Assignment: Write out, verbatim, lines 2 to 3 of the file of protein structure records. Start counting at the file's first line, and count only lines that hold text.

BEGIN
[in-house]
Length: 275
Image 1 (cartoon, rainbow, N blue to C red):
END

Length: 275
Image 1 (cartoon, rainbow, N blue to C red):